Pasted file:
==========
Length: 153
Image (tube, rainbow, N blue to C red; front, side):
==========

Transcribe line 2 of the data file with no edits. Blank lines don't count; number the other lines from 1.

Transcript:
Image (tube, rainbow, N blue to C red; front, side):